I want to crow about boredom’s virtues. Boredom is the last best hope for life on earth. Boredom is the gateway to peace and ease.
Join in this Interfaith Day of Prayer and Fasting called by the Associated Clergy of Cape Ann
Please join us on July 8th at 5:00 p..m. at the Fisherman’s Wives Statue on the Boulevard in Gloucester, to begin a 24 hour communal day of fasting and prayer, in whatever ways your particular tradition teaches, to intercede and ask for God’s help right now for our nation, especially for the crisis concerning immigration and family separation.
We will gather at the Fishermen’s Wives statue on the Boulevard in Gloucester for a Service of Reckoning and Hope. Rabbi Lewis will preach, and we will offer prayers and songs. St. John’s Episcopal on 48 Middle Street will be our rain location.
For 24 hours, we will ask participants to fast and pray, meditate and dedicate themselves to action to support those most in need, on behalf of the children and families who are suffering in ICE detention facilities, for those who are fleeing their countries, for those at the borders of our country and other nations, and for wisdom for our national and international leaders, for compassion, and for hearts to be softened and turned toward mercy.
See yourself in others.
Then whom can you hurt?
What harm can you do? ~The Buddha
On July 9th, at 5:00 p.m., we will re-gather at the Fishermen’s Wives statue to close the fast with a brief service of prayer and blessing.
We decided to call for this day as one form of religious response to the painful time in our country. Our traditions share a common ground in fasting and prayer as spiritual practices of communal intercession, especially in times of crisis or great suffering. We hope you will join us, wherever you are.
For the last two months on Thursday evenings I’ve been offering teachings on meditation. These teachings have been loosely based on Pema Chodron’s brief, easy to read and highly understandable book called How to Meditate: A Practical Guide to Making Friends With Your Mind. I especially like Pema Chodron’s making friends with your mind approach to meditation. It’s so down-to-earth and real.
Given my role as a Zen priest, if I do harm to another person these days that harm generally springs from either something I’ve said, or from how I’ve said it. Or, the harm might also arise from something I’ve left unsaid because I didn’t have the courage, compassion, or wisdom to say it when it could have made a beneficial difference. For this reason, Right Speech is a central focuses in my practice. I try to be as absolutely harmless with my speech as I’m able.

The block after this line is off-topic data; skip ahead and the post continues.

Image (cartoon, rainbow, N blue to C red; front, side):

What we’re learning in Buddhist practice, and in Buddhist meditation specifically, is to let go of our attachments and our aversions, our likes, dislikes, and biases so we can rest and relax in now. The pure potential of being in every moment is now. Fortunately, we have unrestricted access to now. That’s fortunate because now is the most instructive teacher we could ever have.
One out of one hundred Americans is currently behind bars. At our April 2018 meeting, the Sweeping Heart Zen Board voted unanimously to send ongoing financial support to the Prison Mindfulness Institute. Support for PMI and its programs to relieve suffering is now part of Sweeping Heart Zen’s ongoing community service work. At the present time then we’ve added our support for PMI to the monthly support we provide to The Grace Center and Action, Inc. in Gloucester.
One of the things we’re learning in meditation is to live in the always present, unspeakably spontaneous, unpredictable liveliness of each moment. After our early morning meditation at Sweeping Heart Zen we chant “May the mind flower bloom in eternal spring.” That is, we remind ourselves that human beings can touch the eternal spring in each moment.
We just entered our first 6-week practice period here at Sweeping Heart Zen. Before we started the period, people who formally entered this time of invigorated practice submitted what’s called a Practice Period Intention Form. One questions on the form asks, “What theme or issue do you intend to focus on during this Practice Period?” I intend to deeply rest and relax in awareness.
Why meditate? Why practice mindfulness? The general consensus today is that meditation and mindfulness reduce stress. Fortunately, if we simply stop, sit down, and pay attention to our breath, we find relief from stress—for sure. Yet, there is much more to meditation and mindfulness. So this post is about how meditation and mindfulness can heighten our awareness of something called Inattentional Blindness. A force that hinders our happiness and our ability to make human connections.
The Buddha wisely recommended a relaxed, calm body and a non-harming frame of mind for meditation. The Buddha said he found this path of gentle practice through reflecting on a delightful memory of safety and ease from his childhood.